Samantha Sundby

August 19, 2022

What attracted you to the Speech Language Pathology field?

I may be biased, but I think communication and language are some of the utmost important tools for human survival and well-being. I have always loved learning new languages and learning from others. This led me to Linguistics which in turn led me to my volunteer positions. Through these positions I witnessed children who became frustrated by the inability to express their needs, and I empathized with elders who had great difficulty sharing their most memorable moments in life due to loss of language. I believe that everyone deserves to be heard and to feel a sense of belonging, and the SLP field will give me the ability to fulfill this belief.

What are you most looking forward to as part of the UBC program?

I am very excited for the coursework in the UBC program and to meet the professors and classmates. I also am very pleased that I have the option to do a minor in Audiology. I have always wanted to learn more about this field but have not wanted to fully commit to being an Audiologist, so this gives me the opportunity to do so! UBC also provides the opportunity to advance to a PhD route in the first year of Masters, which I may look into more. I am also looking forward to the diverse range of practicums, especially the one in a remote location!

How did you build a strong SLP application?

I did not get accepted my first year applying to the Graduate programs and I applied across Canada. The year in between rejection letters and the next application period I did all that I could to make my application stronger. I made a realistic list of 10 areas of improvement for my application. I continued studying at SFU to retake courses to increase past grades, took more courses related to the program, and took a Graduate level phonology course. I gained more research experience by being a part of three research labs. I presented at multiple research conferences, one of which was hosted at UBC. I continued all my volunteer positions and got a new job working as an SLP Assistant working with young autistic children. I developed stronger relationships with my references and asked them if they could write a good reference letter as oppose to simply writing a reference letter. I also provided them with documents summarizing our experiences together and why I wish to enroll in the SLP program. Several people edited and read my letter of intent, and I wrote it as a story rather than an essay-like format. I thoroughly researched the programs and the school to learn about the research taking place and the professors so that I could relate it to my letter of intent. I strongly believe the letter of intent is a key component to the application, show the panel why you deserve to be at their school amongst all the other applicants.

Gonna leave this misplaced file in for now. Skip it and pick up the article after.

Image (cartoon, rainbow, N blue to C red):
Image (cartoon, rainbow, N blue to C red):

• LING 100: Communication and Language
  • LING 323: Morphology
  • LING 350: First Language Acquisition
  • LING 415: Neurolinguistics
  • LING 480: Topics in Linguistics - Hul'q'umi'num' Language Acquisition
  • LING 800: Graduate Phonology


It will be more work than you can imagine, although it will be rewarding once you make it, so don't give up! It may seem like the day won't come, but it will come at the right time. If you don't get in your first time like me, it is okay to be down about it at first but make a game plan. Not being accepted can be a true indicator of how badly you want to pursue it. Another note is to remember to portray in the letter of intent that you are applying to the school and not to an SLP job. You should be able to answer the question "why do you want to attend that school for their SLP program?" Lastly, the letter of intent will likely be the most difficult part of the application. The second time I applied I took a different approach to writing it. Instead of editing it over and over across time, I spoke to a family member who didn't have much knowledge of my story or my passion for SLP. This allowed me to express myself out loud and dig a little deeper. The family member took notes and afterwards I freely wrote the letter without edits. This time I finally felt my letter represented me for me and told a story of who I was. Make you edits at the end. You've got this!